[Olaf Simons, Gotha, Germany] Lets not pretend positivists of the “Republic of the West” can avoid Christmas. They can’t and they love it just as they love all the traditions they overcome by assimilating them. Here are my tips how to delight your beloved (or how to horrify others if necessary).
Let us start with the little ones. Jason Freeny offers lots of educational toys that leave the lovely surface behind; toys which offer true insight to future doctors and biologists. This poster will serve as a catalogue. Here his website. Immensely cute: the baby you can open – quite the right thing for your own baby.
Those advanced in age should love the original Star Trek Tricorder. You can get it for merely $59.99; I assume it is fully functional for that price. Positivistic parents have identified with Spock – normally. They will be able to show their children how to use the thing.
Which reminds me of all those lovely blue things a science officer on board of the Enterprise used to wear. Lovely socks, the regular light blue uniform shirt of the science staff. Ah.. that is also available for women – not quite sure how your science department will react if you decide to wear it; they will probably be delighted.
Some innocent role models for those who love such toys: Oddfellows – The Scientists Collection by Jailbreak Toys. You can get them for $249.99 at Amazon. Quite an investment into your kid’s future.
Cheaper and more useful, available in different instructive designs: Shower Curtains with the periodic table in black and white. In case you have already stored the 118 elements and their positions in your brain you might prefer the Pi Shower Curtain – EVA vinyl by SMART by Simple Memory Art.
Educational shower curtains are also available. Teach the metamorphoses of butterflies and frogs; get your visualisation of the circulation of water in the biosphere. Or: prepare for your medical exam with this useful shower curtain that gives you all the names of bones of the human skeleton.
Fashionable items… You can of course make lots of statements: Science is not a liberal conspiracy, in case you live in the US and bother about Creationist propaganda – available in several designs from t-shirt to hoody. Both links lead you to more statements you might want to make. Spread happiness with the serotonin formula on your shirt. My tip remains the light blue Spock shirt and, more importantly, its feminine counterpart.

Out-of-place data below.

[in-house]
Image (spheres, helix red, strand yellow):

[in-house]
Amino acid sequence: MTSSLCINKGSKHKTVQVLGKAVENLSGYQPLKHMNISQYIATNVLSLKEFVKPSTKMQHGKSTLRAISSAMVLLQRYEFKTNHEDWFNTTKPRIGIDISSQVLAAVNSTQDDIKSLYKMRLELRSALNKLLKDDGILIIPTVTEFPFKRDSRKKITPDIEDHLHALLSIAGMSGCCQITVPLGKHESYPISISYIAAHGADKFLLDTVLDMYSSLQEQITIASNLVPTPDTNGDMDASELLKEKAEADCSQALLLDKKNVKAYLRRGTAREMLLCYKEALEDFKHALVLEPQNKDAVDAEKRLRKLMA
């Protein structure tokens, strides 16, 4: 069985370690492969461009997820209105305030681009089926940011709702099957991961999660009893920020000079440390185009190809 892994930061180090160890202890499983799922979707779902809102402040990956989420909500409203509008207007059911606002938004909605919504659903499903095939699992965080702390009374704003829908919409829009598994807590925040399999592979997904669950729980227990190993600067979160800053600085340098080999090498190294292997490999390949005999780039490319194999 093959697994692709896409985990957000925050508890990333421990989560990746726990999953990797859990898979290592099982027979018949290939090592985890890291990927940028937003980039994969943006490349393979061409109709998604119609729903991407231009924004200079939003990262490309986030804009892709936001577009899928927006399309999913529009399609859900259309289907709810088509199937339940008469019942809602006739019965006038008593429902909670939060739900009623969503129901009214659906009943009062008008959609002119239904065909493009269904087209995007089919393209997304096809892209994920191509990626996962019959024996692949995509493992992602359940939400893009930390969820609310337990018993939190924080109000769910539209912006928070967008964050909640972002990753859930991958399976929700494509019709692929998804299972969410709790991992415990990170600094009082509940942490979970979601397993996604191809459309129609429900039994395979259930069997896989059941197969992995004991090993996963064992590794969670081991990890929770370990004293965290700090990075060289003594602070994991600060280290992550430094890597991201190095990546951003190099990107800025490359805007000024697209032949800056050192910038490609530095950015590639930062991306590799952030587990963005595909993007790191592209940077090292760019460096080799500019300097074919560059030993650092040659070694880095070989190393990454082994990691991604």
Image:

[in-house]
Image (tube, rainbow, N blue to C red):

I have not tested one of the more spectacular instructive items. These anatomy leggings by BlackMilk should be quite a sight in your anatomy class, in case you study medicine.
If you are rather the fan of smooth and relaxing positivism – I have not tested the acoustic traits amazon offers as downloads to all positivistic customers. Here three different tastes: Collection bien-être, Relaxation, and Positive Succès. At least the covers are quite persuasive.
If you are more the logical positivist -this is my recommendation: Logicomix: An Epic Search for Truth – Paperback Bloomsbury USA; Original edition September 29, 2009, by Apostolos Doxiadis and Christos H. Papadimitriou (Authora) and Alecos Papadatos and Annie Di Donna (Illustrators) “This exceptional graphic novel recounts the spiritual odyssey of philosopher Bertrand Russell. In his agonized search for absolute truth, Russell crosses paths with legendary thinkers like Gottlob Frege, David Hilbert, and Kurt Gödel, and finds a passionate student in the great Ludwig Wittgenstein. But his most ambitious goal—to establish unshakable logical foundations of mathematics—continues to loom.” – so the advertisement – promising!
And then there are some things I can only vaguely remember. I downloaded the image and here I am unable to find the source again. That one was beautiful and useful: Logical Positiv-its Post-it Notes by Jason. A wonderful idea, yet no idea where I saw it.
And then there was this beer. I fear I got too much of it, when I first saw it. I cannot remember where. Looks foreign. You will find the source, I am sure.
Which reminds me of the open project. We wanted to sell Positivists Calendars, large ones to adorn rooms. We had begun to assemble the motifs, yet we needed a printer who could offer the thirteen month design.
Maybe next year. We are almost positive: Next year, Christmas.